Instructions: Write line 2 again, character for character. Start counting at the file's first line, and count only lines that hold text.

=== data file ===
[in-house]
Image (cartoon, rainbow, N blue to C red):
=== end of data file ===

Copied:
Image (cartoon, rainbow, N blue to C red):